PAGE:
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Rita Letendre, 2008.Courtesy of Gallery Gevik

At age 19, the painter Rita Letendre was working as the cashier in a Montreal diner and, when business was slow, she would occupy herself by sketching. One customer was so struck by her drawings, he insisted that she enroll at a school she had never heard of – Montreal’s École des Beaux-Arts – and actually deposited her at its front door. She lasted a year and a half, leaving after an instructor suggested there was no point attending an art show organized by the anti-clerical rebel Paul-Émile Borduas. She went anyway and discovered an art that spoke to her, launching her career as a second-generation member of Borduas’s Automatiste movement and one of Canada’s leading abstractionists.

Ms. Letendre died in Toronto on Saturday from blood cancer. She had marked her 93rd birthday on Nov. 1.

Ms. Letendre with Lode Star in 1970.Harry McLorinan/The Globe and Mail

Ms. Letendre, of

and French-Canadian heritage, grew up in poverty in and around Drummondville, Que. Her father, looking for work, moved the family to Montreal when she was 14, pulling her out of school to look after her younger siblings. In short, she was an unlikely candidate to become a dominant figure in the macho world of abstract painting. She owed her success to an independent and adventurous spirit, making her own way in the art world and remaking her career several times over, eventually emerging as a prominent Toronto muralist.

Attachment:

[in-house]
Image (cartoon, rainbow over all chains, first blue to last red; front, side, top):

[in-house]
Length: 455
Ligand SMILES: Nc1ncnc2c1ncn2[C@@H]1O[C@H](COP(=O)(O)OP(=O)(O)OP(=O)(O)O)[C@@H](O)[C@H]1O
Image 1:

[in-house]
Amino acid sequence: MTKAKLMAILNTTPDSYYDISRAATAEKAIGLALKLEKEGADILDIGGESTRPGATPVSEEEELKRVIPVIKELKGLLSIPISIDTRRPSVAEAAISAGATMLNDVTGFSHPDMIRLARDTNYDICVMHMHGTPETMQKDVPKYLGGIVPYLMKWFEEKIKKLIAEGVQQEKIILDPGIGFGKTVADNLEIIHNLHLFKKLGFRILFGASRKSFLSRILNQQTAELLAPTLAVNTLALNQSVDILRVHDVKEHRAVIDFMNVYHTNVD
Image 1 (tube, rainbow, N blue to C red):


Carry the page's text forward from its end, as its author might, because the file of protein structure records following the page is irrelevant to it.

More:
“Rita Letendre brought a freedom to abstract art that has and will continue to touch people’s hearts,” said Wanda Nanibush, curator of Indigenous art at the Art Gallery of Ontario and the organizer of a 2017 retrospective of the artist’s work. “She was a very rare modernist: an Indigenous woman working in what is often considered to be a white male field and her work was grounded in the metaphorical and spiritual qualities of light, darkness, colour and movement. Her colours vibrate and her paintings move. Everything that she was is on view in her work.”

Ms. Letendre identified as Indigenous on her mother’s side – her maternal grandmother was Abenaki – and recalled being teased at school for that reason.Handout

Ms. Letendre was born on Nov. 1, 1928, in Drummondville to Héliodore Letendre and Marie-Anna Ledoux, the first of their seven children. She identified as Indigenous on her mother’s side – her maternal grandmother was Abenaki – and recalled being teased at school for that reason. In a 2019 interview with the Montreal artist Caroline Monnet, herself part Algonquin, Ms. Letendre remembered her grandmother, who taught her to see beauty everywhere, sheltering her from a storm one summer day and telling her not to be afraid of thunder. She contrasted that reverence for nature with the religious attitudes of the Catholic Letendre family. Nonetheless, her father’s family was also believed to be of mixed ancestry, French-Canadian and Mohawk.